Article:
In this edition of Forces of Fame, we’re heading back out to sea to look at the Imperial Japanese Navy (IJN) battlecruiser Kongō, arguably the most-discussed Japanese capital ship not named Yamato or Musashi! For my money, she’s also one of the best-looking ships of the war (Marcus’ opinions are strictly his own, and do not necessarily represent the rest of us at Warlord Games -ed.), and I’ll take absolutely any opportunity to talk about pagoda-style masts and extensive refits. It doesn’t hurt that she’s a bit of a beast on the Victory at Sea tabletop, either.

Laid down in 1911 by Vickers at Barrow-in-Furness, and commissioned in 1913, Kongō (named for the Japanese mountain) was the final Japanese capital ship to be constructed overseas, and served as the lead ship for a class of four. With a main battery of eight 14” guns in four twin turrets, she was the most powerful Japanese warship afloat at the time of her launch, and a significantly capable vessel for her era, being akin to the British ‘Splendid Cats’ (Lion-class battlecruisers built prior to WWI) in many respects. Kongō, along with her sisters, spent the majority of the First World War (in which, of course, Japan was an ally of Britain) patrolling the Chinese coast, seeing no action, and at the war’s end was placed in reserve (although she did continue to receive upgrades). 

A Kongō-class battleship is flanked by a destroyer escort as she heads out to sea.

With the 1922 Washington Naval Treaty prohibiting Japan from constructing new battleships until 1931, Kongō underwent significant modernisation alongside a number of other older Japanese ships, receiving increased torpedo protection and a significantly more capable powerplant. At this time, she was reclassified as a battleship, although realistically her level of armour protection meant that she was still really a battlecruiser in all but name. With Japan’s 1933 withdrawal from the League of Nations and all naval treaties, there were no longer any restrictions on battleship construction or modification, and in 1935 Kongō was dry-docked for her most significant refit. 

Intended to enable the ship to effectively escort the IJN’s new aircraft carrier fleet, Kongō’s boilers and machinery were once again upgraded. In addition, she was lengthened by 26 feet in order to optimise her length-to-beam ratio in favour of greater speed. Her armour was also significantly thickened and reinforced, giving her a uniform 8” belt thickness, with 10” on her turrets. When she emerged in 1937 she was capable of over 30kts, and was again reclassified as a fast battleship. Until the outbreak of war, she continued to receive small upgrades to her armour, as well as a continuous increase in anti-aircraft armament throughout the conflict, eventually totalling over 100 AAA (anti-aircraft artillery) barrels! At this time, she also received the distinctively Japanese ‘pagoda’ style of mast, allowing her to mount a significant number of rangefinders, searchlights, and AAA positions in a rather divisive-looking top-heavy setup, which I personally think looks absolutely stunning!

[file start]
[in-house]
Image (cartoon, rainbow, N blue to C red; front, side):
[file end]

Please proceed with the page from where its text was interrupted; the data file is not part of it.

The battleship Kongō at the van of an Imperial Japanese Fleet.

Throughout 1942 she provided escort for the rapid advance of Japanese troops throughout the Far East, a possible clash with the Royal Navy’s Force Z being averted only by the sinking of HMS Repulse and HMS Prince of Wales by IJN aircraft, before taking part in the devastating bombardment of Henderson Field on Guadalcanal on 13-14 October alongside her sister ship Haruna, which virtually annihilated the US Marine Corps’ aviation capability. 1943 saw several sorties, but no combat action, and she returned to Sasebo naval base for training and further upgrades to her anti-aircraft suite. Her most successful surface action came at the now-legendary Battle Off Samar on the 25th of October 1944 (find the scenario in the Victory at Sea rulebook – pgs 122-123), where she scored hits on the Taffy 3 taskforce escort carrier USS Gambier Bay, before sinking the destroyer escort USS Samuel B Roberts, before withdrawing with the remainder of the Japanese force. In November of that year, she sailed for the naval base at Kure with the rest of the First Fleet, but was hit on the 21st in the Formosa Strait by a pair of torpedoes from the submarine USS Sealion. Although an attempt was made to reach a nearer port, uncontrollable flooding caused the order to abandon ship to be issued a few hours later. Sadly, before the evacuation could get significantly underway, the forward 14” magazine detonated, sending Kongō to the seabed with over 1,200 of her crew still aboard, including her captain.

In games of Victory at Sea, the Kongō and her sisters give Japanese admirals an excellent high-speed vessel to compete with enemy battlecruisers and cruisers. That speed is essential to her survival, as her 4+ Armour value can leave her vulnerable to heavy enemy gunfire, but her own 14” guns give her more than enough punch to blast cruisers out of the water, and even engage enemy battleships with a reasonable expectation of doing serious damage. While not best-suited to drawn-out slugging matches, Kongō can do a great job of destroying numerous lighter vessels, while keeping enemy capital ships honest with the threat of her main battery. For 375 points, you can’t really go wrong!

Kongō is also available as part of the Imperial Japanese Navy Starter fleet, or explore the entire IJN range:

Other articles in the Forces of Fame Series:

Bolt Action – The Tiger IPrincess Elizabeth (Jubilee Special)Japanese Special Naval Landing ForceM18 Hellcat;

Blood Red Skies – Messerschmitt Bf 110Ki-43 II ‘Oscar’; Grumman F9F Panther;

Victory at Sea – The BismarckFletcher-Class Destroyers;

Pike & Shotte – Cuirassiers;

Black Powder (& Epic Battles) – The Iron Brigade; 95th Rifles;

Black Seas – HMS Victory;

Hail Caesar / SPQR – Dacian Falxmen; Hoplites;

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